Nellie The Flying Cow


NELLIE TO FLYING COW


By Roger Forsythe
Daily Journal Staff Writer
Editor's Note: While it has not been long since we ran a story on the flying cow, no conical of the tales of the county would be complete without Nellie Jay.

"Sing we praises of that moo cow,
Airborne once and ever more,
Kindness, courage, butter, cream cheese,
These fine things we can't ignore."
--From "The Bovine Cantata in B-Flat Major,"
by Giacomo Moocini and Ludwig Von Bovine
(Barry Levenson and the Mount Horeb Mustard Museum.)

Elm Farm Ollie--known locally as "Nellie Jay" by those who had the privilege of milking her at Bismarck's Sunnymede Farms--has become a bona fide bovine folk hero.

Quite simply, she is the first cow to fly in an airplane. It is not known, however, whether she flew first class or coach. She may not have even had a ticket.

Unlike other, perhaps more common, cows, Ollie's cause celeb centers around the airplane flight she took in February, 1930 to the International Aircraft Exposition at St. Louis.

Because she was such an unusually productive dairy cow--and required three daily milkings--she was put to work in-flight. As the story goes, she ate her usual feed and produced 24 quarts of milk.

In what may very well be the first, if not only, case of fresh air delivery, these quarts were carefully bottled, sealed and dropped from the airplane as it flew over St. Louis. Small parachutes were attached to keep her skymilk from spilling.

Celebrated as a pasteurized legend of the pasture, Ollie has for 60 years remained the star attraction at the Feb. 18 dairy festival held each year at Mount Horeb, Wisc.

In addition to having her praises sung in such works as "The Bovine Cantata in B-Flat Major" (from Madame Butterfat) and the stirring "Owed to Ollie," she has been the subject of stories, cartoons and poems. E. D. Thalinger even painted her portrait for posterity.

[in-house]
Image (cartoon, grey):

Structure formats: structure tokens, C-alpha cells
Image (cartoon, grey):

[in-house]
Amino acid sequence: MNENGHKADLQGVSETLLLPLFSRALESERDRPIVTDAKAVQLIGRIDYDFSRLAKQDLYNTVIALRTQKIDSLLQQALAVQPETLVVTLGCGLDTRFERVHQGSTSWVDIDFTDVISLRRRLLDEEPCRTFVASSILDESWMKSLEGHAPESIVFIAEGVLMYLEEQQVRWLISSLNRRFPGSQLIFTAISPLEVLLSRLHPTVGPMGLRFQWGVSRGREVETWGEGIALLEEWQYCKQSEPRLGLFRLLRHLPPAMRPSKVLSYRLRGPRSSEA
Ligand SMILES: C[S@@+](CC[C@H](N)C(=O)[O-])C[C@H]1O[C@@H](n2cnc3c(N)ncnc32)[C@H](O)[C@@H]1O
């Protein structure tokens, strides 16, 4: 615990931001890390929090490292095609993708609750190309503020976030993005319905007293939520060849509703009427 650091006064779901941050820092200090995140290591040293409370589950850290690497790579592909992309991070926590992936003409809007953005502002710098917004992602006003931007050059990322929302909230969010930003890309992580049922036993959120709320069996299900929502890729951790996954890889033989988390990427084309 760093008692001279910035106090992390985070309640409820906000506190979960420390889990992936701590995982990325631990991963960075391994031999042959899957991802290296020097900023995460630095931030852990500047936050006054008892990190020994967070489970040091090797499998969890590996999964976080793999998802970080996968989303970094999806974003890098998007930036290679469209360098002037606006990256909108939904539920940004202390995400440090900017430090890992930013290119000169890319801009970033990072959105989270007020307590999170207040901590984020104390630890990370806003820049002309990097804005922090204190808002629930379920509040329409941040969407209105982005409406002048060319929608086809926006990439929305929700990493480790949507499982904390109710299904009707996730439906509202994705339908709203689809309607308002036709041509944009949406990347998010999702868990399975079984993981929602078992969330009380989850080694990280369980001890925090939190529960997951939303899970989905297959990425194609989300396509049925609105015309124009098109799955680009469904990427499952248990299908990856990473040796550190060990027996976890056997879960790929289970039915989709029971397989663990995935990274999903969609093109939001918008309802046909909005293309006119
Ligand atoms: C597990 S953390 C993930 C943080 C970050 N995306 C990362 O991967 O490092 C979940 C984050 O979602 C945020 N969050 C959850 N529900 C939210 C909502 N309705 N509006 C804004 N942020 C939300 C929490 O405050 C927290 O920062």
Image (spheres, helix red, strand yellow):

"I probably threw some pretty important records about her away when I got the farm. I had no idea of the historical significance," said Bismarck Mayor Paul Hedrick, who now owns the barn where Ollie's star was born.

"I think it was all done to get a little publicity," he added. "It must have worked. I still have the fan they used to cool her in the plane."

While written reports are utterly impossible to come by, those who remember Ollie recall that she was a young guernsey of two when she was first thrust into the limelight of the public's eye.

"She was a really gentle cow, but of course she had to be in order to get in that airplane," said William Fields Grider.

"She was here at the (Sunnymede) farm when I worked in the processing plant. She was supposed to give six gallons a day, two gallons at each milking. That was a lot back then.

"They brought her here from another place and she went back over into the herd. She lived to be about 10 or so, and died here at the farm. A lot went to the slaughter house," he recalled.

The Spirit of Ollie has settled comfortably in Wisconsin's history books--where her dairy tale is churned out fresh each year when Elm Farm Ollie Day, her holiday, comes around.

But in Bismarck, her humble home before those days of corn and roses, those who even faintly remember her triumph have, for the most part, mooved on.

"It's amazing," agreed Mark Hedrick, city administrator, "Her story was picked up out of Wisconsin and they celebrate this every year. What gets me the most, though, is the kind of planes they had back then.

"You know, for 1930, it had to be a pretty big airplane to pick up a cow of that size," he concluded.

When plans began last month for the upcoming Second Annual Freedom Festival, some organizers jokingly tried to top the Elm Farm Ollie story.

A "grandcalf," they said, could probably be found to serve as the parade grand marshal--and then dropped out of an airplane with a parachute. A milker, preferably the mayor, could also be parachuted out of the plane to milk Ollie's offspring as both plummeted to earth.

When no further business could be completed because of the laughter, the organizational meeting adjourned early.

Perhaps Giacomo Moocini said it best, though, when he penned those timeless lines: "She flies through the air with the greatest of ease/Dropping her ice cream, yogurt and cheese."

Published by THE DAILY JOURNAL, Flat River, St. Francois Co. MO, Fri. April 24, 1992 in a special supplement "Myths...Legends...Tall Tales of St. Francois County and the Ozarks."

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